Lean In & McKinsey's 'Women in the Workplace' report reveals a broken rung as more women get stuck at entry level and fewer women become managers than their male counterparts
You’ve probably heard of the “glass ceiling”—the invisible barrier that prevents women from reaching senior leadership positions. But in reality, the biggest obstacle women face is the first step up to manager—or the “broken rung.” To get to gender parity, companies must fix the broken rung.
Also, when employees feel they have equal opportunity to advance and think the system is fair, they are happier with their career and plan to stay at their company longer. Employees are far more likely to see things as fair when companies have practices in place to support inclusive and unbiased hiring and promotions.
In addition, women of color, lesbian and bisexual women, and women with disabilities are having distinct—and by and large worse—experiences than women overall. Most notably, Black women and women with disabilities face more barriers to advancement, get less support from managers, and receive less sponsorship than other groups of women.
These are all key findings from the Lean In and McKinsey Women in the Workplace 2019 report that reinforces that a huge gap exists in the workplace as more women get stuck at entry level than their male counterparts, and subsequently fewer women then move through to become managers.
The report is an annual study on the state of women in corporate America. The study collected information from 329 participating organizations employing 13 million people and surveyed more than 68,500 employees to better understand their day-to-day work experiences. Researchers were also able to look back at five years of data to identify some powerful trends.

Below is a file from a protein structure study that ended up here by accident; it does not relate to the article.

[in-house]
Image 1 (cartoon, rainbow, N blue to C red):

Here’s a snapshot of the key findings
The glass ceiling is not the biggest obstacle women face - it’s the “broken rung.”
Conventional wisdom says that women hit a “glass ceiling” as they advance that prevents them from reaching senior leadership positions. In reality, the biggest obstacle that women face is the first step up to manager—the “broken rung.” For every 100 men hired and promoted to manager, only 72 women are hired and promoted. This broken rung results in more women getting stuck at the entry level and fewer women becoming managers. As a result, there are significantly fewer women to advance to higher levels. If companies fix the broken rung, we’ll add one million more women to management in corporate America over the next five years—setting off a chain reaction that will eventually lead to parity across the entire pipeline.
Together, opportunity and fairness are the biggest predictors of employee satisfaction.
Employees universally value opportunity and fairness. Across demographic groups, when employees feel they have equal opportunity to advance and think the system is fair, they are happier with their career, plan to stay at their company longer, and are more likely to recommend it as a great place to work. Manager support, sponsorship, and impartial hiring and promotion practices are key elements in creating a workplace that delivers opportunity and fairness to everyone. And given employees universally care about fairness, companies may also benefit from reframing
Women’s experiences are often shaped by other aspects of their identity.